High Interest Saving Account:  This is a better option, particularly for money that you don’t need to access day-to-day, as these kind of accounts generally have limited accessibility (e.g.no ATMs).  Many providers offer high introductory rates (currently around 3%).  If you do take advantage of an introductory rate, make a diary note 2-3 weeks prior to the end of the introductory rate so that you can shop around for another introductory rate.

Term Deposit:  A term deposit is money that you deposit with a financial institution for a particular length of time, anywhere from 1 month to 5 years.  The benefit is that term deposits usually pay a higher rate (currently between 2% Р3%) than leaving your money in a standard bank account.  The downside is that if you need to access the money before the end of the term, you will forfeit some or all of the interest.

Exchange Traded Funds:¬† It is possible to invest in cash via an exchange traded fund (‚ÄúETF‚ÄĚ).¬† This means that you can purchase the cash ETF on the stock exchange (the same way you would a share) and get access to a number of term deposits.¬† The upside is that someone else is managing your cash with the goal of maximising the interest rate.¬† The downside is that you will pay a fee for this management.

Cash Management Fund:  It is also possible to invest in a cash fund managed by professionals to maximise the return from your cash.  Like all funds, you will pay a fee for this service.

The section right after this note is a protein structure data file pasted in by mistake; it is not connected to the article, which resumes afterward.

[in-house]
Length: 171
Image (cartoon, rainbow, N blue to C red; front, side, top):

Too much cash?

If you are a worrier, you might be tempted to hold all your assets in cash, given the low risk.   However, it is possible to hold too much cash in your portfolio.  Cash is very low risk, and consequently the return is also low.  The bare minimum investment return that you should expect from your portfolio is inflation.  The reason that $100 is worth more today than in 10 years’ time is due to inflation. 

If you are earning less than inflation, then the purchasing power of your money is slowly being eroded.  Over the last 20 years inflation has averaged 2.5% per year, this means that you should aim to earn at least 2.50% p.a. on your portfolio.  This is not always possible with cash, as such, some of your investments should be held in other assets.

The information in this blog is of a general nature only and may contain advice that is not based on your personal objectives, financial situation or needs. Accordingly you should consider how appropriate the advice (if any) is to those objectives, financial situation and needs before acting on the advice.